I think that it has to do with passion.

My favourite place in the world is a library or a bookstore. The moment I walk into a place where there are books, I relax. Books are my companions and without realizing it or planning on it, I’ve devoted my life to them. Whether that be writing my novel, reviewing other books, being involved in endeavours that encourage literacy, sitting on juries, or working on marketing initiatives that will tell people about the next great read, I’m completely absorbed in my passion.

So for those of us who are the writing, reviewing, judging, and reading, and might feel a little overwhelmed by it all we truly want to take on, I encourage you to take a moment and ask yourself why you have chosen to take on another project. Is it your love for books, or for story? Do you wonder how it all happened? Consider and let me know.

Having recently graduated with an M.F.A. in Writing for Children and Young Adults at VCFA, Melanie Fishbane writes contemporary YA and historical fiction, book reviews, articles about book boyfriends, children’s lit, and the works of L.M. Montgomery and Laura Ingalls Wilder. She is also the Online Merchandiser and Editor for Kids and Teen books at Indigo Books and Music, Inc. Recently hired on as the Co-ordinator for Children’s Book Reviews for the National Reading Campaign, you can also find her musing about words at http://melaniefishbane.wordpress.com or on Twitter as @melaniefishbane

5 Responses to The Passionate Book publishing Professional

  1. Kate Scott Aug 7 2013 at 9:58 am #

    I just moved from being just a writer to be a writer and indie publisher. And being an indie publisher means I’m wearing about twenty hats under that one title. It’s so much fun though. I do it all because I want to do it all. I think your post captured that perfectly.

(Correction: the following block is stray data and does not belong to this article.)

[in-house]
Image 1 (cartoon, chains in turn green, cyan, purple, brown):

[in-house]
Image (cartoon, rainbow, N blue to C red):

2. Lyn Miller-Lachmann Aug 7 2013 at 8:37 pm #

    I enjoyed this guest post and the perspective of someone who’s been involved at just about every stage of the process. I have traveled alongside Melanie for some of this journey (the VCFA part) and, Melanie, it’s folks like you who make it all worthwhile. I will say that it’s a good thing to spend the two years at VCFA working only on craft rather than dealing with publication because when you come out, you have a solid foundation and a much better understanding of what makes a great story and how to fix one that’s not yet great.

  3. Melanie Aug 10 2013 at 10:45 am #

    Thanks, Lyn and Kate for your comments and I’m glad that it resonated with you. It is an interesting life that we’ve chosen for ourselves.

  4. AFord Aug 10 2013 at 7:40 pm #

    Recently saw the following bumper-sticker on a car just ahead of me the other day: “Do What You Like, Like What You Do”, and from the sounds of your post you are certainly passionate about what you do. Cheers!

  5. Linda W Aug 13 2013 at 7:52 am #

    Melanie, I so agree. It’s passion. Anything that keeps us near books. I guess that’s why so many of us have overstuffed bookshelves in our homes. Thanks for articulating this!